This is not an imaginary concern. The OPERA team at CERN that found that neutrinos could travel faster than light got into trouble this way. The team was forced to inform the press prematurely because blogs started writing about their finding. The team made it very clear that this was still very likely a measurement error: “If this measurement is confirmed, it might change our view of physics, but we need to be sure that there are no other, more mundane, explanations. That will require independent measurements.” But a few months after the error was found, a stupid loose cable, the spokesperson and physics coordinator of OPERA had to resign. I would think that that would not have happened without all the premature publicity.

If I were to report that the two degree limit has already been reached, that the raw temperature data had a severe cooling bias, a multimedia smear campaign without comparison would start. Then I'd better have the evidence in my pocket. The OPERA example shows that even if you do not overstate your case, your job is in jeopardy. Furthermore, such a campaign would make further work extremely difficult, even in a country like Germany that has Freedom of Research in its constitution to prevent political interference with science:
Arts and sciences, research and teaching shall be free.
(Kunst und Wissenschaft, Forschung und Lehre sind frei)
This fortunate fact, for example, disallows FOIA harassment of scientists.

That openness is not necessary in the preliminary stages fits to the pivotal role of the scientific literature in science. In an article a scientist describes his findings in all the detail necessary for others to replicate it and build on it. That is the moment everything comes in the open. If the article is written well that is all one should need.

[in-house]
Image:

I hope that one day all scientific articles will be open access so that everyone can read them. I personally prefer to publish my data and code, if relevant, and would encourage all scientists to do so. However, how such a scientific article came into existence is not of anyone's business.

All the trivial and insightful mistakes that were made are not of anyone's business. And we need a culture in which people are allowed to make mistakes to get ahead in science. As a saying goes: if you are not wrong half of the time you are not pushing yourself enough to the edge of our understanding. By putting preliminary ideas in the limelight too soon you stifle experimentation and exploration.

In the beginning of a project I often request a poster to be able to talk about it with my most direct colleagues, rather than requesting a talk, which would broadcast the ideas to a much broader audience. (A secondary reason is that a well-organised poster session also provides much more feedback.) Once the ideas have matured a talk is great to tell everyone about it.